Even though you have one of the most “alpha-male” careers as an extremely accomplished NFL wide-receiver for the New York Jets, you have inspired a little girl to put back together the pieces of her life.
A little over a year ago, my older brother Wes told me about you and about your story. I remember distinctly we were at my younger brother’s away football game in Greensboro, North Carolina. I was in the midst of a manic episode, but it was on the decline.
I had just withdrawn for the third time from my semester at Clemson University where I should have been a junior.
“Have you ever heard of Brandon Marshall?” He asked me. I told him I had heard your name but I didn’t know anything about you. He told me about how you wore lime-green cleats during a game for mental health awareness. He told me about how you were fined by the NFL for the cleats and that you matched the fine to donate to mental health organizations.
“This fine is nothing compared to the conversation started and awareness raised,” you wrote on Twitter afterwards.
Football is my platform not my purpose. This fine is nothing compared to the conversation started & awareness raised. pic.twitter.com/P9GNygFpH9
— Machine Marshall (@BMarshall) October 16, 2013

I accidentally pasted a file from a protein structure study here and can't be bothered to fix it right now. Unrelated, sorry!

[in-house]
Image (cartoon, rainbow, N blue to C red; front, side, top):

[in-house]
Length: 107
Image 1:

In almost an instant, you had become my hero.
I went home and looked up more about your story. That you have borderline personality disorder (BPD) and went through the difficult but necessary journey of piecing back together your life and making sense of it all at McLean Hospital.
Then, you opened up about your BPD and told the world at a press conference.
Even though we’re so different, we are so the same. I saw myself in your story. I thought wow, this man really understands me and what I’ve been through. Which is strange, because we’ve never met. Also the fact that you’re a pro-athlete and I’m a 5’3 college student. We look different, but I understand you. I’ve lashed out. I’ve felt like I didn’t belong. I’ve felt rejected. I’ve been unsupported. I’ve been misunderstood.
I also have the same desires you did to inform people of what I’ve been through. To give people an opportunity to understand. To not hide. To use our story. Your wife Michi said as she was getting wrongfully arrested, “Someone is going to learn from our story.”
She was right.
Not just someone, many someones. And I am one of them.
I cannot thank you enough for putting the whole team of mental illness on your back. Thank you for your honesty and vulnerability in a career that seems to inspire the opposite.
Thank you for unknowingly welcoming so many out of their shadows and into the light.
Thank you for messaging me back today and telling me how you were so proud of me. I nearly fell over in my class and that’s not an exaggeration. I couldn’t keep the smile off my face or the joyful tears from welling in my eyes as I flashed back to that moment this time last year when I first heard your name.
Thank you for all that you’ve done for this community and for the world. Can’t wait to paint the world lime green together.
The young woman you inspired to break free from the shame and chains of her illness.
p.s. I’ll be keeping the Lego Brandon Marshall figurine that my brother got me on my dresser, always.